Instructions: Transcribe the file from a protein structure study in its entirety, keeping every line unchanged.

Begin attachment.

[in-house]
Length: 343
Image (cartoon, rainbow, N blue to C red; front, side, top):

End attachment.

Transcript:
[in-house]
Length: 343
Image (cartoon, rainbow, N blue to C red; front, side, top):